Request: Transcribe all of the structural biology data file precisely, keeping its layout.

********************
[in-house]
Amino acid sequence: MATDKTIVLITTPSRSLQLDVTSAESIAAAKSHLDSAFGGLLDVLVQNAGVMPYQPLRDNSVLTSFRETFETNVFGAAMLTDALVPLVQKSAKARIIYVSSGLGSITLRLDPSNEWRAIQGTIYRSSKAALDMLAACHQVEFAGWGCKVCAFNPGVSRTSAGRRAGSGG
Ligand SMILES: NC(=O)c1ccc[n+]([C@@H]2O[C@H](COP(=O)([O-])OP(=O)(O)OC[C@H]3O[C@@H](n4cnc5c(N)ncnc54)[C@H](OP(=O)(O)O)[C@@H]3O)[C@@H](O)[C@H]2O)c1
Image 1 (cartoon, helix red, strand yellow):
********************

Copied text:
[in-house]
Amino acid sequence: MATDKTIVLITTPSRSLQLDVTSAESIAAAKSHLDSAFGGLLDVLVQNAGVMPYQPLRDNSVLTSFRETFETNVFGAAMLTDALVPLVQKSAKARIIYVSSGLGSITLRLDPSNEWRAIQGTIYRSSKAALDMLAACHQVEFAGWGCKVCAFNPGVSRTSAGRRAGSGG
Ligand SMILES: NC(=O)c1ccc[n+]([C@@H]2O[C@H](COP(=O)([O-])OP(=O)(O)OC[C@H]3O[C@@H](n4cnc5c(N)ncnc54)[C@H](OP(=O)(O)O)[C@@H]3O)[C@@H](O)[C@H]2O)c1
Image 1 (cartoon, helix red, strand yellow):